Will Governor Hochul help protect the bees?
For most of us, bees are a common insect – we see them around flowers, buzzing by our heads, and sometimes even stinging us. However, bees play a critical role in the natural world: they are responsible for pollinating 80% of flowering plants. In the US, honeybees pollinate $15 billion in agricultural products each year, including more than 130 types of fruits, nuts, and vegetables.
They play a vital role in producing food for wildlife, maintaining soil health, and keeping water clean, in addition to their role in pollinating agricultural products. Bees are one of the most important pollinator species to our food security and ecosystems.
There are more than 1,000 plants grown for food, spices, beverages, medicines, and fibers that require pollination. Without the help of bees, the world would be without such well-loved foods as chocolate, coffee, peaches, almonds, tomatoes, blueberries, strawberries, apples, pumpkins, melons, vanilla and many other fruits, nuts, and vegetables.
Yet bees are at risk. In 2007, honey bees began disappearing. Beekeepers across the United States reported that adult worker bees were leaving their nests, queens, larvae, and resources with no apparent cause. Large, industrial beekeepers suffered dramatic losses.
In North America, four species of bumblebees are in decline, and one is already extinct. Far less is known about the situation with solitary species. Recent evidence suggests that as many as 700 of the 4,000 bee species in the United States are facing devastation.
There are multiple reasons for the devastation of the bees: diseases, parasites, pesticides, loss of habitats, are among the top reasons. Of those, the use of pesticides is the one we can control the most.
Neonicotinoids (or neonics for short) are a class of pesticides that have been linked to bee die-offs. Neonics are a relatively new class of pesticides that hit the market in the 1990s, billed as being less harmful to mammals and other vertebrates. They’re a synthetic, neurotoxic pesticide applied directly to the soil or as a seed coating and used widely in agriculture, residential use, golf course maintenance, and in pet flea and tick treatments. As their use has climbed, so too have studies revealing that they threaten birds, bees, aquatic creatures. Potential human health risks remain under investigation.
Wild bees living and foraging near crops grown from neonic-treated seeds showed large population die-offs in a study funded by pesticide manufacturers.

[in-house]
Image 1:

Honey bees are reared and managed for their honey production and ability to pollinate crops, among other services. Research shows the insecticides kill worker bees, reduce immunity of the hive and leave colonies without their queens. Neonics attack bees’ brains, impacting their ability to sleep, forage, fly and even find their way home.
As researchers uncovered more about the threat neonics pose to bees, policymakers began to act. The European Union placed restrictions (including bans) on several neonics for outdoor uses because of the risks to bees. And some states in the U.S. already have some restrictions (or bans) on the use of neonics.
New York has taken steps to limit the use of neonics. Earlier this year, the Department of Environmental Conservation (DEC), citing the dangers to pollinators, restricted the use of neonics.
New York State lawmakers went one step further during the 2023 legislative session and approved the Birds and Bees Protection Act. This legislation would ban the sale or use of corn, soybean, and wheat seeds coated with neonics beginning in 2026. In addition, the bill commissions a study on the feasible alternatives to toxic pesticide use to be submitted to the Governor and Legislature no later than January 1, 2025. The bill also provides the commissioner of the DEC the authority to temporarily suspend the ban if there’s a lack of a commercially available alternative for a specific seed; and allows the DEC to provide a use exemption if there is an environmental emergency that no other less harmful pesticide could effectively address.
The use of neonics in seed treatments pose risks to bees (and other pollinators) since they can move from the targeted pest areas. For example, planter dust, which is generated during and shortly after planting treated seeds, contains high concentrations of neonic insecticides. Dust can move beyond field margins and land on flowers and other vegetation and potentially expose non-target insects (including bees and other pollinators). Neonics are highly soluble in water, which facilitates movement beyond field borders via drainage and runoff. Studies also show that neonic contamination in water bodies has a negative effect on arthropod communities, which are the bases of local food webs.
A report by researchers at Cornell University concluded that the most common uses of neonics in New York, which pose substantial risks to pollinators, provide little to no benefits to users and can be replaced by safer alternatives. Supporters of the Birds and Bees Act argue that the bill will help stop approximately 80-90% of the total outdoor neonic use from entering the environment.
The bill will land on the governor’s desk sometime this year. How she acts on the bill may well determine the future of bees in New York. Let’s hope she protects the bees.
Blair Horner is executive director of the New York Public Interest Research Group.
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